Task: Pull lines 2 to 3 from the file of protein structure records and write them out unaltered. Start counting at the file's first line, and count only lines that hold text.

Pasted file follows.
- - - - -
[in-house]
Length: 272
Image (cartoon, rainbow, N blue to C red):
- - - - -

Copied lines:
Length: 272
Image (cartoon, rainbow, N blue to C red):